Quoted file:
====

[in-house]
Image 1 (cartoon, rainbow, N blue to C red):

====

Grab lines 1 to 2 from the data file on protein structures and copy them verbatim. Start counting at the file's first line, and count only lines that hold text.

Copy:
[in-house]
Image 1 (cartoon, rainbow, N blue to C red):